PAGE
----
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N. Korea hit by new U.N. sanctions after test

Published: Thursday, March 7, 2013 1:17 p.m. CDT • Updated: Friday, March 8, 2013 12:22 a.m. CDT

(Continued from Page 1)

UNITED NATIONS – The U.N. Security Council responded swiftly to North Korea's latest nuclear test by punishing the reclusive regime Thursday with tough, new sanctions targeting its economy and leadership, despite Pyongyang's threat of a pre-emptive nuclear strike on the United States.

The penalties came in a unanimous resolution drafted by the U.S. along with China, which is North Korea's main benefactor. Beijing said the focus now should be to "defuse the tensions" by restarting negotiations.

The resolution sent a powerful message to North Korea's new young leader, Kim Jong Un, that the international community condemns his defiance of Security Council bans on nuclear and ballistic tests and is prepared to take even tougher action if he continues flouting international obligations.

"Taken together, these sanctions will bite, and bite hard," U.S. Ambassador Susan Rice said. "They increase North Korea's isolation and raise the cost to North Korea's leaders of defying the international community."

The new sanctions came in response to North Korea's underground nuclear test on Feb. 12 and were the fourth set imposed by the U.N. since the country's first test in 2006. They are aimed at reining in Pyongyang's nuclear and missile development by requiring all countries to freeze financial transactions or services that could contribute to the programs.

North Korea kept up its warlike rhetoric Friday after the U.N. vote, issuing a statement saying it was canceling a hotline and a nonaggression pact with rival South Korea.

North Korea's Committee for the Peaceful Reunification of Korea, the country's arm for dealing with cross-border affairs with Seoul, said it will retaliate with "crushing strikes" if enemies intrude into its territory "even an inch and fire even a single shell." It also said it was voiding past nuclear disarmament agreements between North and South Korea.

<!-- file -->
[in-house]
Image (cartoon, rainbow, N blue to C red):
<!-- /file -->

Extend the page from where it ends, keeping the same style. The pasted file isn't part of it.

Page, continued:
South and North Korea agreed in a 1992 joint declaration not to produce, test or use nuclear weapons. North Korea has since conducted three nuclear tests.

The resolution also targets North Korea's ruling elite by banning all nations from exporting expensive jewelry, yachts, luxury automobiles and race cars to the North. It also imposes new travel sanctions that would require countries to expel agents working for sanctioned North Korean companies.

The success of the sanctions could depend on how well they are enforced by China, where most of the companies and banks that North Korea is believed to work with are based.

Tensions with North Korea have escalated since Pyongyang launched a rocket in December and conducted last month's nuclear test — the first since Kim took charge. Many countries, especially in the region, had hoped he would steer the country toward engagement and resolution of the dispute over its nuclear and missile programs. Instead, the North has escalated its threats.

The U.N. has long threatened North Korea with sanctions should it continue testing nuclear devices and missiles. Several U.N. resolutions bar North Korea from conducting nuclear or missile tests because the Security Council considers Pyongyang a would-be proliferator of weapons of mass destruction, and its nuclear testing a threat to international peace and stability. North Korea dismisses that as a double standard, and claims the right to build nuclear weapons as a defense against the United States, which it has seen as Enemy No. 1 since the 1950-53 Korean War.

Immediately before the Security Council vote, a spokesman for Pyongyang's Foreign Ministry said the North will exercise its right for "a pre-emptive nuclear attack to destroy the strongholds of the aggressors" because Washington is "set to light a fuse for a nuclear war."

The statement was carried by the North's official Korean Central News Agency.

In the capital of Pyongyang, Army Gen. Kang Pyo Yong told a crowd of tens of thousands that North Korea is ready to fire long-range nuclear-armed missiles at Washington, which "will be engulfed in a sea of fire."